As it appeared in the Jerusalem Post
Jewish International Connection has its annual gala on:
Sunday, December 6th at 8 p.m. Israel, 1 p.m. EST.
They say that necessity is the mother of invention. And that’s exactly how Jewish International Connection got started 20 years ago.
When my husband and I moved to New York City in 2000, we found ourselves in one of the world’s most densely populated Jewish areas outside of Israel. Previously, we were hard pressed to find any fellow Jews while living in some extremely remote parts of New Zealand and Australia.
And when I say remote, I mean far-flung hinterlands of the globe where I had to perform my mikveh in the frigid South Pacific Ocean next to signs warning people against swimming. We once drove 500 miles to the nearest Jewish community for Shabbat. In Tasmania, when a man wearing a kippah knocked on our door, my jaw dropped in shock – I hadn’t seen a religious Jew in six months.
Heading to Manhattan, I fully expected to be one of millions as opposed to one in a million. I anticipated instantly integrating into an existing, thriving community.
I also felt slightly intimidated at the prospect. I had found my calling in Australia and New Zealand. When we lived in Sydney and the Gold Coast, I galvanized Jews who had no connection to their religion or to Jewish customs. My husband and I conducted outreach, we hosted Shabbat dinners and I recruited Jewish students for trips to Israel.
What would I do in New York? Thousands of established Jewish organizations already existed along with an abundance of synagogues and kosher food.
When I shared my concerns with Rabbi Noah Weinberg, OBM, then director of Aish HaTorah in Jerusalem, he laughed. “You think there’s no work for you in New York? You’ll find plenty of work there,” he reassured me.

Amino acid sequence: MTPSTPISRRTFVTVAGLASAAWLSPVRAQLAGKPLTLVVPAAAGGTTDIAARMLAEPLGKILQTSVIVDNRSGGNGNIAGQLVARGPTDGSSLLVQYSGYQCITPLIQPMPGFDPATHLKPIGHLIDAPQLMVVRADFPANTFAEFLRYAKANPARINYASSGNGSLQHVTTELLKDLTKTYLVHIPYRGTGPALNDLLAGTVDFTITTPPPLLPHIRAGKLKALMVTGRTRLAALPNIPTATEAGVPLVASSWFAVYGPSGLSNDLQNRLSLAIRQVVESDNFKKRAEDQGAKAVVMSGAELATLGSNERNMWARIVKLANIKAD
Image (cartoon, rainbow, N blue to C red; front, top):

I didn’t understand at the time. About a month after arriving in the Big Apple, a friend asked if I would host a Rosh Hashanah meal for 36 foreign Jewish MBA students from 30 different countries. If it weren’t for that dinner, those students would have nowhere to go for the holiday. Being a foreigner myself, I was sensitive to that, especially since I too was having trouble breaking into the local community. As I continued to host more dinners with more expats, I realized I had stumbled upon a need and found my mission: To provide community for foreign Jews living in New York who found they were disconnected from their religion and from other Jews. I spoke with my friend Steve Eisenberg and, together with my husband Gavin, we founded Jewish International Connection New York. In no time at all, JICNY skyrocketed. I had understood there was a need, but I didn’t realize just how deep it was. JICNY quickly became the home away from home for Jews who came from abroad or other U.S. states to live in New York. We made sure that no Jew would be alone for Shabbat or a holiday. We provided family and faith, making connections that extended through to jobs, roommates and more. When my family decided to make aliyah six years ago, many people said that would doom the organization. But I decided I could not let that happen. COVID aside, I live on a plane for the better part of the year making sure events carry on in New York. Meanwhile, I established much needed outreaches in Israel as well. Today, JICNY — and now JICIsrael as well — reaches more than 10,000 people from more than 40 countries. We run programs in New York, Jerusalem and Tel Aviv. We host thousands of Jews for Shabbat and holiday meals. We have seen hundreds of non-observant Jews connect with their Jewish identity. We host weekly Torah classes. We hold 250 events a year including classes for couples, parents, singles, professional networking events and cooking classes, to name a few! We take annual heritage tours to places such as Morocco, Poland, Germany and Israel. We recently celebrated our 129th marriage. And so much more. The staff remains just me as a full-time volunteer, a part-time assistant, an intern, plus a dedicated group of volunteers. For all of our events, I am the contact person. I remember worrying that I would have no impact in New York City. But two decades later, we have an organization that has reached across international borders to connect Jews from around the world. And to help them feel at home. Looking back at our 20 years, I still get emotional. JIC was my first baby. And now, as I prepare to send my son to serve in the Israel Defense Forces, at least I can rest assured that this one — JIC — will live on - with me at home. JIC's annual gala will be held on Sunday, December 6th at 8 p.m. Israel, 1 p.m. EST. For more details, please go to jicny.com/20years